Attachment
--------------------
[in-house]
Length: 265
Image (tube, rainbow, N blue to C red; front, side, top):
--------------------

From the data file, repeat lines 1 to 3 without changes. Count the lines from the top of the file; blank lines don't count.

[in-house]
Length: 265
Image (tube, rainbow, N blue to C red; front, side, top):